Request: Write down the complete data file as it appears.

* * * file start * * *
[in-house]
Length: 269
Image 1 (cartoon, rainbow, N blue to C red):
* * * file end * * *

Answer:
[in-house]
Length: 269
Image 1 (cartoon, rainbow, N blue to C red):